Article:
The Smithsonian Folklife Festival, launched in 1967, is an international exhibition of living cultural heritage presented annually in the summer in Washington, D.C. in the United States. It is held for two weeks around the Fourth of July (the U.S. Independence Day) holiday. The Smithsonian Center for Folklife and Cultural Heritage produces the Festival.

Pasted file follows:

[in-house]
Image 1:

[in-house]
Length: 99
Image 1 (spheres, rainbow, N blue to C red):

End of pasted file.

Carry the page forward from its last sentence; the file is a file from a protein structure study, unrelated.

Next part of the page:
The Festival is free to the public, encouraging cultural exchange. Attracting more than one million visitors yearly, the two-week-long celebration is the largest annual cultural event in the United States capital. Usually divided into programs featuring a nation, region, state or theme, the Festival has featured tradition bearers from more than 90 nations, every region of the United States, scores of ethnic communities, more than 100 American Indian groups, and some 70 different occupations. The Festival generally includes daily and evening programs of music, song, dance, celebratory performance, crafts and cooking demonstrations, storytelling, illustrations of workers' culture, and narrative sessions for discussing cultural issues. Cultural practitioners speak for themselves, with each other, and to the public. Visitors participate, learning, singing, dancing, eating traditional foods, and conversing with people that the Festival program presents.